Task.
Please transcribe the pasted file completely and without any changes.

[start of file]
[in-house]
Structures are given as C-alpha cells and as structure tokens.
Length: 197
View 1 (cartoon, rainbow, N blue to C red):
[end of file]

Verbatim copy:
[in-house]
Structures are given as C-alpha cells and as structure tokens.
Length: 197
View 1 (cartoon, rainbow, N blue to C red):